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Michael Katz

Chemist hockey fan hits big league

June 10, 2010

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Michael Katz went to work at Chicago’s Northwestern University with his head hung low last month after the city’s Blackhawks trounced his hometown Vancouver Canucks in the hockey playoffs.

But the brilliant young chemist, who’s one of two SFU Governor General’s gold medallists for scholastic excellence this year, has nothing to be ashamed of when it comes to his own performance.

Currently on a Natural Sciences and Engineering Research Council post-doctoral fellowship at Northwestern in one the world’s leading chemistry departments, Katz is a top draft pick to ultimately become a major-league university professor.

“I want to learn as much as I can here,” he says, “and then hopefully come home and do some interesting chemistry in Canada.”

Katz’s PhD thesis had two parts. The first documented his creation of an ammonia-sensing compound that can detect minute amounts of the caustic vapour at harmful levels well below the minimum detectible limit of the human nose (50 ppm).

His ammonia sensor has generated several international patents and commercial interest for applications such as environmental workplace monitoring and medical diagnosis.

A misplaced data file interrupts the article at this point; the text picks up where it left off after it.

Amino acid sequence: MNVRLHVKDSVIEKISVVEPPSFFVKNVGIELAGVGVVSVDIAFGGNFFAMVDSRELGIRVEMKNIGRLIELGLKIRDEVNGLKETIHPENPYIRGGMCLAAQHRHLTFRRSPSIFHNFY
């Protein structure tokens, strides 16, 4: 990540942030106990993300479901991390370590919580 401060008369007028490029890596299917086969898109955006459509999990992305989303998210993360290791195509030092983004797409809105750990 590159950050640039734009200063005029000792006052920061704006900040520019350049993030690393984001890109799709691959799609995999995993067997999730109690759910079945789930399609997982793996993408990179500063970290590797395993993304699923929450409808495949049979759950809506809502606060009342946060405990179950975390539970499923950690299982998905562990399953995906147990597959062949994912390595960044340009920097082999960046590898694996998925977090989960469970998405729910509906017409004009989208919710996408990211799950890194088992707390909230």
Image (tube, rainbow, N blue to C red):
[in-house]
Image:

The second part involved designing polymers to manipulate birefringence, the splitting of a light ray into two parallel rays when it passes through materials such as calcite crystals.

That work, too, has spawned patents and commercial interest for applications including telecommunications and television and movie film cameras. In Chicago, Katz is working on dyes for a new class of low-cost dye-sensitized solar cells that could revolutionize solar-energy use.

Katz credits teachers Ray Marshall at North Van’s Carson Graham high school, Ken Tyers at Capilano University and SFU’s Lanny Leznoff for feeding his passion for science.

But he adds “both my parents are scientists and my aunt and uncle are chemists so it’s almost like the family business.”

As for the Hawks whipping the Canucks, he says, “I had the last laugh when Canada beat the U.S. for the (Olympic) gold medal.”

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